But why go looking for someone who gutted you from the inside, literally?

"Under any normal circumstances, that's probably where you should draw the line. Step away," Dancy admits. "Haven't you ever made some bad decisions in your life? Just imagine that but writ large...it's just about being in somebody's vortex."

Everyone has made questionable decisions when it comes to relationships, but few have warranted a lover attempting to stick an ear down a throat, or frame one for murder. Which is the dynamic that precisely makes Hannibal Lecter and Will Graham a hell of a pair to gravitate toward one another. This is beyond an odd couple, Stooges, buddies or bros or pals. One is a cannibalistic psychiatrist and savant, the other a brilliant, flinching fellow with an empathy disorder...and they love each other unconditionally.

"[Hannibal and Will] realize that they absolutely share a language in that respect, and in fact they have a better understanding of the criminal mind, the violent mind, than anybody else," Dancy tells Newsweek. "It's not like two blokes are in love with each other and they should just get a room. It's more heightened than that."

Fittingly, the first few episodes of Hannibal's third season are contemplative meditations on what's happened in the past, where each character plans to move the chess piece next, and mimics the arc of a tumultuous and torrid affair. "I think the first season is the bromance, the second season is the nasty break-up, and the third season is that period of time after a relationship ends when you're really assessing who you were in the context of that relationship, who you are now, and what you have to resolve with that person you knew so intimately," says writer and showrunner Fuller of the pair.

Everyone in Hannibal is in search of an answer, attempting to find themselves again and perhaps one another in season three, which is largely about repentance, love and retribution. And the religious overtones present in this season are certainly intentional. But more than anything, Hannibal causes viewers to dissect the complexities of their own relationships and poses the fundamental question: Why is it that it often feels so good to be with bad people?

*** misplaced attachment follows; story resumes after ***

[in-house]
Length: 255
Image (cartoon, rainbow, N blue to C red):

Fuller promises many "twists and turns" for viewers this season, especially in the latter half of the 12-episode run that takes place several years later. Part of that time lapse, he says, enables Hannibal to get into more of what's in Thomas Harris's Red Dragon books, which is what the series is based on.

"The second half of this season is almost like a self-contained mini-series," says Dancy. "It's going to be instantly recognizable to fans of the books or movies, but is also going to have a different shape because we've been building on that novel."

Mikkelsen notes that his character will be "getting to some of the more iconic moments" that fans might recognize from previous iconic portrayals, both by Anthony Hopkins in Silence of the Lambs and Brian Cox in Manhunter. Season three also sees the pair contending with a different kind of psychopath: the gritty, heavily tattooed Francis Dolarhyde.

But the crux of the series—the focus on the pair's complicated relationship—was intentional, as Fuller admittedly harbors a fascination with male friendships. "As a gay man I feel on the outside of that," Fuller says. "So I'm looking at it from the outside, and it boils down to the fact that straight men can love each other." Hannibal and Will—at once friends, enemies, confidantes, spies, lovers, haters and equals—have a relationship that neither of them understands, but both fully accept it for its gnarled weirdness.

And what else is that feeling but love?

"Straight men can have a romance. Straight men can experience incredible intimacy with each other and oftentimes we see that deflected by certain gestures of machismo that will obstruct the feeling," Fuller says. "I wanted to strip all that away and look at how men love each other outside of sexuality."

In this way, Hannibal is paradigm-shifting in that it displays the complexity of relationships between men that are intimate, affectionate and caring but still platonic. And that—especially with the high-profile nature of network television—is powerful, a renaissance of its own. Even when one of these fellows is a cannibal. So if you can stand the heat, dig in.